The netcode Bungie uses to back-end the campaign and Firefight is more prone to lag than the multi-player back-end, but serious issues have only cropped up occasionally. The public side of Firefight is probably going to see a lot of tweaking, since it’s one of the few things in Reach that’s truly brand-new.
For those who just want to kill/out-think the opposition. Here the core of Halo remains, with a strong emphasis on the classic Team Slayer that has served the franchise so well. Not only are the slightly more ‘social’ playlists back, but Bungie has added the new Arena mode to keep the hardcore fans coming back on a regular basis. See, instead of ranking up in skill level on a permanent basis, players now have to be rated every month. Getting into the Onyx division last month means nothing this month if you haven’t played at all.
One part of Reach that really shines, though, is the Team Obective playlist. Though currently sparsely populated, Bungie has taken my least favorite part of Halo 3 and turned it into my current favorite haunting spot online. New gametypes like Stockpile and Headhunter add some spice, and armor abilities add a number of new tactical approaches to the game. The maps, too, play a big role.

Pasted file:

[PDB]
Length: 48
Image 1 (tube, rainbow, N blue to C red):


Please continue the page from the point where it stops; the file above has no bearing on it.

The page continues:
For instance, my favorite map on the game disc is Asylum, a symmetrical map built inside Forge World that is very small— just a touch bigger than Foundry from Halo 3. The layout is damn near perfect, because a central structure gives very few direct sightlines from base to base, but there are numerous ways for teams to attack flag spawns and other objective locations. Add in two turrets, two snipers, and an energy sword on such a small map, and stalemates require skilled play to break. It plays well in straight up Slayer, but it really shines in Objective play.